Not long ago, I was a vegetarian. Not just a vegetarian, but someone who chose that lifestyle as a young teen and who stuck with it, through old fashioned family gatherings and getting married to a meat eater, for almost 14 years. I wasn't a zealot about it, and I believed that it was everyone's choice to eat what they felt was best. But to me, being a vegetarian seemed like the only choice that made sense, for my health and for the planet.
After a while, it started becoming a central part of my identity. Hello, I'm Julie, a Vegetarian. Everyone knew, because I had to be treated differently. I'd ask at parties if there was meat in the dip. I'd have to find out how the soup was prepared. And for God's sake, don't put bacon bits on my salad! I thought that being a vegetarian made me interesting and maybe even mysterious. I know it made me feel like a better person. Simply by avoiding meat, I gained a halo of earth-friendly, animal-activist, kind-hearted, without having to actually do that much.
It wasn't all sunshine and cupcakes, though. About a year after becoming a vegetarian (right before my 15th birthday), I started having severe gallstone attacks. I remember them getting so bad and so sudden that, while swimming at a creek near my home town, I got stranded on the opposite side because I couldn't move without getting physically ill. To this day, I can't remember how I got back across the creek, but I do know that it wasn't long afterwards that they removed my gallbladder in an emergency operation.
I my hair started to thin out, and my nails became incredibly thin and brittle. And then, I began to balloon out. By the time I reached my 17th birthday, I carried an outrageous 275 pounds on my 5'7 frame. I was depressed, had little energy, and I had no idea why I was so addicted to eating.
Fast forward ten years. In the summer of 2012, my hubby and I decided, hey, maybe we should try going low-carb. We'd done the research, and it all sounded so logical. I felt better right away, but I'll admit that being a low-carb vegetarian is incredibly hard. I ended up eating tofu or seitan (a meat substitute made from, of all things, wheat gluten) every single day, and part of me knew that it wasn't good for me to be doing that. So even though I had a lot of doubts, I decided to start eating meat again.
That was in August of 2012. I look back at that, and it makes me wonder... how did I ever manage before then? What on earth did I eat before I started eating meat again? This way of eating is so natural and it feels so right. I don't think anyone could ever convince me to go back to being a vegetarian, and especially eating tofu or seitan daily.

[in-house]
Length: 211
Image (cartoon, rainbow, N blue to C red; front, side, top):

It did take a few months, but my body has changed dramatically since becoming a low-carb meat eater. The first thing I really noticed was my mood. I used to be depressed all the time pretty much, and I had a lot of trouble getting up the energy to take care of my responsibilities, but after changing my diet, my mood brightened way up. The next surprising little find was that my fingernails, for the first time I can remember, are strong and long. In the winters when I was a vegetarian, I couldn't keep them very long. I looked like a nail biter because they would break off close to the skin, and even more disturbing, they would PEEL down where they were attached to the finger. My hair is starting to come in thicker, too, and it's getting longer. I used to only be able to grow it to a certain length, but my hair is certainly growing fast and long now.
The most amazing change I've seen, though, has to be my body composition. Since I started eating this way, I've only lost a little bit of weight. I'm still quite round and I would like to lose maybe another 20 pounds. But even though I haven't moved the scale much, my body looks and feels different. People ask me all the time if I've lost weight. My pants aren't as tight as they used to be. I see muscle now that I never used to have, and I haven't been lighting weights or anything! It's just happened because of my diet shift!
There are times when I'm eating a piece of bacon or whatever, and I catch myself thinking, "OMG what am I doing?!", before realizing that, oh yeah, this is how I eat now! I still feel a little weird eating animals, and I have some trouble handling raw meat or eating any piece of animal that looks like an animal. I would like to be eating more organic, free-range, humanely treated meats, but unfortunately my budget can't afford much of that at the moment. I feel that animals are special, sacred creations of God, and they should be treated as such, but I do wholeheartedly believe that humans were meant to eat them, just as other predators were meant to eat prey. It's just the natural cycle of life.
Of course, I'm not trying to bash the vegetarian lifestyle. I know some people eat that way for religious reasons, and it can be done if you're very careful and you know what you're doing. However, I don't feel that it's the natural state for humans, and I certainly know it wasn't healthy for me.